It is widely agreed that there are three competing standard theories of morality . In a sentence, consequentialism is the view that the goodness of our actions is derived from their consequences, and that we prefer various outcomes to others; deontological ethics is the view that goodness of our actions is derived from whether they follow various rules, such as “Don’t murder” and “Treat others as you would like to be treated”; and virtue ethics is the view that the goodness of actions is determined by whether they promote good personal characteristics, such as wisdom and courage. In a shorter sentence, consequentialism refers to our results, deontological ethics refers to our code, and virtue ethics refers to our character.
As a novice to philosophy, I didn’t understand the appeal of virtue ethics. For one, it has been out of fashion since medieval times. More importantly, it appears that it must reduce to one of the two competing theories. How do we determine if it would be virtuous to tell a white lie about our friend’s unfortunate haircut (or if fibbing is something that a virtuous person would do)? If you answer that the good outweighs the bad, i.e. your friend’s happiness justifies the lie, you appeal to consequentialism. If you answer that it adheres to the Golden rule, because you would want your friend to do the same for you, you appeal to deontological ethics.
However, as a slightly less novice student of philosophy, I have a new-found appreciation for virtue ethics. Philosophical debates about morality often do not lead to practical advice about how to be more moral. A big part of thinking about morality is pragmatism: how can we be clever about being good and overcoming our shortfalls? When we are tempted to to spend money on ourselves instead of charity, or to ignore a plea for help from a stranded driver on an empty highway, we would like to draw on our reasoning about the good to help us. We need help both knowing what is right and how to actually get that right thing done.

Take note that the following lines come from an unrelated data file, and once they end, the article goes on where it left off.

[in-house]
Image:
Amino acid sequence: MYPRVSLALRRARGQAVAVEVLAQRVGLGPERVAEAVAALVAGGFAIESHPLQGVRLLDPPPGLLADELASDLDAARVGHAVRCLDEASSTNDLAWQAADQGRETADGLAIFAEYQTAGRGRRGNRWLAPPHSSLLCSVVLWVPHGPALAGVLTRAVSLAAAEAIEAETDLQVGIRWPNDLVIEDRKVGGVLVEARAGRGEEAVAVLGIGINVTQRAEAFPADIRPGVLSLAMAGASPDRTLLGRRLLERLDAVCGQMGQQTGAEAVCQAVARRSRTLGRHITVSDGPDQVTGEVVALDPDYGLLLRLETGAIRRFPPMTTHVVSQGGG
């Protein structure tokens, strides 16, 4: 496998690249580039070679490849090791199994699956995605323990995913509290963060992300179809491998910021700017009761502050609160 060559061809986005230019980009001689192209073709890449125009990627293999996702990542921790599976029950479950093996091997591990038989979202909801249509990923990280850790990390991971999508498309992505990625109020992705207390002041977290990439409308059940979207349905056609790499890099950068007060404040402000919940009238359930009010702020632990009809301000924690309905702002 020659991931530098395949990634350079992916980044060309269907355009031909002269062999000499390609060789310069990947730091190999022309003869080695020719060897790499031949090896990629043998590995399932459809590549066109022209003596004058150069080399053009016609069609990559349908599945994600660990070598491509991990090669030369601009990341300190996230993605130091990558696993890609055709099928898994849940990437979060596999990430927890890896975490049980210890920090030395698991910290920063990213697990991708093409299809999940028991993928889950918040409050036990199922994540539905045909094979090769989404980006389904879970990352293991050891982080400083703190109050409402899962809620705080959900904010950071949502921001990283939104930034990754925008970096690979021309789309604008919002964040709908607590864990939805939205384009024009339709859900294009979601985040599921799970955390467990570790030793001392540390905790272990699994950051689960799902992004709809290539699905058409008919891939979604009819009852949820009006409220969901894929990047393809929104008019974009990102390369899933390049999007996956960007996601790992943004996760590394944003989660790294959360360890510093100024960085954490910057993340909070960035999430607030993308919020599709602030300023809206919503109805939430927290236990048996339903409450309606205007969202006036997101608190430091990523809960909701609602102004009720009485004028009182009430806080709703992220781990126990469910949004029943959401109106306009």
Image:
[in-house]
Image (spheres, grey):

Consider the case where I know that I should donate $50 to charity, but I am tempted to instead to buy a ticket to see Brad Mehldau perform with his trio at the Yerba Buena center in San Francisco. Am I more likely to rationalize and buy myself the ticket if I draw upon consequentialism to motivate me, or if I draw upon virtue ethics to motivate me? If I were to draw on consequentialism, it’s not hard to imagine that I might talk myself out of giving the $50. “But if I don’t seek out the joy of music, I won’t be happy and thus will not be able to have a lucrative career, thus limiting my future donating potential!”
But drawing on virtue ethics, it’s unlikely that I’ll talk myself out of doing what’s right by asking myself, “Would a generous person really donate the $50?” I know very clearly that the answer is yes. If I want to be a generous person, I know I have to give the money. And I do want to be generous person.
My point in this essay is that in most cases the problem of figuring out the right course of action is easy and the problem of figuring out how to motivate yourself to actually do that action is very hard. I’m not taking a position on the issue of which ethical theory (if any) is correct. I’m taking a position on which attitudes towards ethics are most likely to get the job done. Is it better to strive towards having the best impact on the world, to strive towards following and ethical code, or to strive towards become the best person possible? For me, it is the last option.
I must emphasize that all three attitudes, and some others, can be valuable motivators. When trying to motivate myself to donate to charity, it can help to visualize the consequences. It could also help to remind myself of the rule I have for giving. And it can help to work towards seeing myself as a generous person. I have learned more and more that trying to be a virtuous person  works best for me.
 This is the classical trichotomy. Modern views include moral nihilism, the view that there is no such a thing as good, and moral pragmatism, the view that goodness depends on our social constructs.
 Alternatively, trying to be an awesome person (in addition to a virtuous one) is a great motivator as well. I learned this from Ivan, my freshman roommate in college.